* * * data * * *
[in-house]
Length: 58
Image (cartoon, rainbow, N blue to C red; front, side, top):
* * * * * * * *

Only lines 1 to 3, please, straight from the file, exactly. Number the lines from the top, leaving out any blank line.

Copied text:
[in-house]
Length: 58
Image (cartoon, rainbow, N blue to C red; front, side, top):